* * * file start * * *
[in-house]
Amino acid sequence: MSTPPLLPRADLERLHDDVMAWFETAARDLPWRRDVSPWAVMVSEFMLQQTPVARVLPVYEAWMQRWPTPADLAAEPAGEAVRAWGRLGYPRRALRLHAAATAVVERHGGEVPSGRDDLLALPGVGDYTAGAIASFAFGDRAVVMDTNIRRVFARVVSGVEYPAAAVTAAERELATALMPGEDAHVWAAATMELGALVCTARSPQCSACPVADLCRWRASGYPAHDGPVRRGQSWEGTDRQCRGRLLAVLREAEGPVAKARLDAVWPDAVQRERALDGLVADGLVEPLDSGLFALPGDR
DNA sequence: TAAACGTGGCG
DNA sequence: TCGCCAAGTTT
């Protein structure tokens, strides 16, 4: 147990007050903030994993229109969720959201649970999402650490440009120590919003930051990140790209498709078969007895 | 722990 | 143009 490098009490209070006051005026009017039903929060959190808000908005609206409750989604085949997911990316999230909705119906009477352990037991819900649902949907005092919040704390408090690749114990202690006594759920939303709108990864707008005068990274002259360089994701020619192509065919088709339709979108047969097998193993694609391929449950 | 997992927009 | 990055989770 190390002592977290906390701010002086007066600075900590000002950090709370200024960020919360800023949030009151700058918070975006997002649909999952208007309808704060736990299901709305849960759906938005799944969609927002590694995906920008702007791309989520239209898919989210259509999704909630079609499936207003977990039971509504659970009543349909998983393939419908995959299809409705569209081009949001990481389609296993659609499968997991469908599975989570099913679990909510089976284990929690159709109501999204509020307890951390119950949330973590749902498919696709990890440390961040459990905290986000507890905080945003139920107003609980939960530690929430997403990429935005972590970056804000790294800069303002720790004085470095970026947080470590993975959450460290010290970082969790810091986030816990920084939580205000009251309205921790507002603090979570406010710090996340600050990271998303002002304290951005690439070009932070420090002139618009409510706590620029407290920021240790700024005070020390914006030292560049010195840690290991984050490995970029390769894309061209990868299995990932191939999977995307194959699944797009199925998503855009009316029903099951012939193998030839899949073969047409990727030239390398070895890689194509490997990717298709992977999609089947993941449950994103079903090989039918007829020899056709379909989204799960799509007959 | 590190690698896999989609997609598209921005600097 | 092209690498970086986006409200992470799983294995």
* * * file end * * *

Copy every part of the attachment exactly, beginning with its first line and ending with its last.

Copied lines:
[in-house]
Amino acid sequence: MSTPPLLPRADLERLHDDVMAWFETAARDLPWRRDVSPWAVMVSEFMLQQTPVARVLPVYEAWMQRWPTPADLAAEPAGEAVRAWGRLGYPRRALRLHAAATAVVERHGGEVPSGRDDLLALPGVGDYTAGAIASFAFGDRAVVMDTNIRRVFARVVSGVEYPAAAVTAAERELATALMPGEDAHVWAAATMELGALVCTARSPQCSACPVADLCRWRASGYPAHDGPVRRGQSWEGTDRQCRGRLLAVLREAEGPVAKARLDAVWPDAVQRERALDGLVADGLVEPLDSGLFALPGDR
DNA sequence: TAAACGTGGCG
DNA sequence: TCGCCAAGTTT
């Protein structure tokens, strides 16, 4: 147990007050903030994993229109969720959201649970999402650490440009120590919003930051990140790209498709078969007895 | 722990 | 143009 490098009490209070006051005026009017039903929060959190808000908005609206409750989604085949997911990316999230909705119906009477352990037991819900649902949907005092919040704390408090690749114990202690006594759920939303709108990864707008005068990274002259360089994701020619192509065919088709339709979108047969097998193993694609391929449950 | 997992927009 | 990055989770 190390002592977290906390701010002086007066600075900590000002950090709370200024960020919360800023949030009151700058918070975006997002649909999952208007309808704060736990299901709305849960759906938005799944969609927002590694995906920008702007791309989520239209898919989210259509999704909630079609499936207003977990039971509504659970009543349909998983393939419908995959299809409705569209081009949001990481389609296993659609499968997991469908599975989570099913679990909510089976284990929690159709109501999204509020307890951390119950949330973590749902498919696709990890440390961040459990905290986000507890905080945003139920107003609980939960530690929430997403990429935005972590970056804000790294800069303002720790004085470095970026947080470590993975959450460290010290970082969790810091986030816990920084939580205000009251309205921790507002603090979570406010710090996340600050990271998303002002304290951005690439070009932070420090002139618009409510706590620029407290920021240790700024005070020390914006030292560049010195840690290991984050490995970029390769894309061209990868299995990932191939999977995307194959699944797009199925998503855009009316029903099951012939193998030839899949073969047409990727030239390398070895890689194509490997990717298709992977999609089947993941449950994103079903090989039918007829020899056709379909989204799960799509007959 | 590190690698896999989609997609598209921005600097 | 092209690498970086986006409200992470799983294995």